Monday, December 29, 2014

Pulp

Want to write a commercially successful novel? Here are certain guidelines to help you achieve your goal:

1. The title of the book should carry a woman's name - and it should be a sexy one, like 'Miss Leela Mohini' or 'Mosdhar Vallibai'.

2. Don't worry about the storyline.(!) All you have to do is creatively adapt (love this phrase) the stories of [British penny dreadful author G.W.M.] Reynolds and the rest. Yet your story absolutely must include a minimum of half a dozen lovers and prostitutes, preferably ten dozen murders, and a few sundry thieves and detectives.

3. The story should begin with a murder. Sprinkle in a few thefts. Some arson will also help. These are the necessary ingredients of a modern novel.

4. You can make money only if you are able to titillate. If you try to bring in any social message, like Madhaviah's The Story of Padhmavathi or Rajam Iyer's The Story of Kamalbal, forget it. Beware! You are not going to lure your women readers.

These guidelines first published in 1933 by Sudhandhira Sangu are reproduced by Pritham K. Chakravarthy in her selection of Tamil pulp stories.


 Peopled by Mad Scientists, Hard-Boiled detectives, Vengeful Goddesses, Murderous Robots, Scandalous Starlets, Pathetic Prostitutes, and Drug addicted Lovers, this is a fun filled roller coaster ride in an attempt to claim the status of 'literature' for a huge body of writing that has rarely if ever made it into an academic library, despite having been produced for nearly a century.

Pulp in the Western Literature too has a long lineage. This year, I read Steve Harrison: Detective of the Occult by American author Robert E. Howard.



 Comprising of three stories - all published between 1934-26 - Fangs of Gold (People of the Serpent); Names in the Black Book; and Graveyard Rats, they put Harrison in strange, sinister situations where some supernatural force seems to be at work. However, Harrison's ingenuity reveals the human hand behind the supernatural smoke-screen.


In Fangs of Gold, Harrison follows a Chinese murderer to a swamp land where he finds worshippers of a Dark God. However, it is human ambition and lust for power that is really the culprit.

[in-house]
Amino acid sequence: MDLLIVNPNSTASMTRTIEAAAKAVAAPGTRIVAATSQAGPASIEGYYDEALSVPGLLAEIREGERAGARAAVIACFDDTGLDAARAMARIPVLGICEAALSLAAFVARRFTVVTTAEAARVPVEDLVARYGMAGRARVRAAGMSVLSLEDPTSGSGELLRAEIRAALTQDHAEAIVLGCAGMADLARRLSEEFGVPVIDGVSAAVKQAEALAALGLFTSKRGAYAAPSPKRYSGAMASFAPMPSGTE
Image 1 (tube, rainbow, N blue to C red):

Is it Perry Mason between these covers?


In Names in the Black Book, a dead man apparently comes back to life and starts killing the people who were responsible for 'killing' him. Harrison's name is also in the list.



 In Graveyard Rats, the head of a man recently buried reappears in his house putting his brothers in terror and panic.

These were different kind of stories, a little too grisly for my taste.

*

First Line: THE AUTOMATIC DOORS closed behind Narendran as he entered the airport lounge.

Title: The Blaft Anthology of Tamil Pulp Fiction

Translator: Pritham K. Chakravarthy

Editor: Rakesh Khanna

Publication Details: Chennai: Tranquebar Press, 2011

First Published: 2008

Pages: 412

Source: M.C. Library [894.8113 C349B]

*

Opening Lines: "THIS is the only trail into the swamp, mister." Steve Harrison's guide pointed a long finger down the narrow path which wound in and out among the live-oaks and cypresses. Harrison shrugged his massive shoulders. The surroundings were not inviting, with the long shadows of the late afternoon sun reaching dusky fingers into the dim recesses among the moss-hung trees.

Title: Steve Harrison: Detective of the Occult
Author: Robert E. Howard
Publication Details: E-book
Pages: n.pag.
Source: PGA
Other books read of the same author: None

2 comments:

  1. I love those guidelines, Neeru! They're pitch-perfect! That was great! And those covers you're showing here are priceless.

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    Replies
    1. Glad you enjoyed them, Margot. The covers are courtesy Project Gutenberg, Australia.

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